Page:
These boots are made for walking long distances uphill through mud
April 11, 2010 7:27 AM   Subscribe

What are your favorite rubber boots for hiking?

I'm spending a good part of the summer doing field work in Costa Rica. (Hooray!) Now, I've been there once before, and I did fine with my Gore-Tex hiking boots. But last time, it was cool and dry. This time, by all accounts, it will be hot and rainy, and I hear I'd be much better off with a good sturdy pair of rubber boots than with the fanciest of fancy hiking boots.

So, what are your favorite rubber boots for long treks like this? (LaCrosse and Muck Boots in particular have both been recommended to me - thoughts?) Needs to be sturdy, and have decent traction.

As a bonus - my ankles hate me, and the best thing about my current hiking boots is the ankle support. Do I have any chance of reasonable support in a rubber boot, or should I just suck it up and bring some ankle braces?
posted by pemberkins to Travel & Transportation (4 answers total) 2 users marked this as a favorite
LLBean's Maine Hunting Shoe -- Good fitting, good tread, tight, lace-up uppers for ankle support (an important feature for me too), reasonable price, 10" or 12". The original hunting version was modified Bean himself for use in WWI. Seal the seams with waterproofing before immersion in water. I've used them in all conditions for thirty years -- heat, ice, snow, water, mud, dry trails, wet trails, everyday use in Vermont. They're my only boots. Also, when the bottoms wear out, send in the uppers and Bean will install a replacement. I have two pair, plus the shoe version. One pair of uppers are the first pair I bought. (Don't buy the Bean Boot. There seems to be a difference in the "rubber" material of the bottoms. Ask for a pair of tongue protectors when you order.)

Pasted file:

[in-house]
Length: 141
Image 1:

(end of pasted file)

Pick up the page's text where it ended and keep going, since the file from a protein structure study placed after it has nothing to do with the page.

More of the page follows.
posted by partner at 8:01 AM on April 11, 2010

I've spent a couple of rainy seasons doing field work in Costa Rica, and I've always just used old hiking boots - mostly due to comfort and ankle support. The locals almost always wear rubber boots, but I found them hard to walk in (poor tread), hot, and too floppy. However, I think one of the reasons that many people wear rubber boots is for snake protection. When I was in an area that had a lot of snakes, I wore snake gaiters over my hiking boots and pants. So, I guess this isn't really an answer to your question...sorry!
posted by shrabster at 10:26 AM on April 11, 2010

I suggest this winning combination: jungle (or desert) boots and a pair of goretex socks. Water goes through the boots easily, but escapes just as easily, so your feet don't get bogged down, and the boots dry quickly. You only need to wear the socks when you're dealing with wet conditions (wear a thin sock as a liner inside them).
posted by furtive at 12:34 PM on April 11, 2010

These are the go-to rubber boots for Alaskans during mud season, especially those in the Southeast/rainforest parts of the state where mud season lasts for months and months. They are fairly sturdy (you can even get steel-toed, if you want), have decent traction for a rubber boot, and you can roll the tops over so they don't go quite so high (they hit between mid-calf and just below the knee, depending on person). If you are using them for hiking, they're most comfy if you throw a pair of Superfeet or other insoles in (if I'm doing kayaking or something else where it's possible to top them out if I'm not careful, I throw an extra pair of insoles in my bag).

Ankle support is non-existent, however, and they are the opposite of breathable. They also tend not to work well for people with really huge calves. If your priority is "really, truly waterproof," though, they're great.
posted by charmedimsure at 1:12 PM on April 11, 2010

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